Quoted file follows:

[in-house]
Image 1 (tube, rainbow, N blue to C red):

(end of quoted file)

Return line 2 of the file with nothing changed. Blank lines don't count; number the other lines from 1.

Image 1 (tube, rainbow, N blue to C red):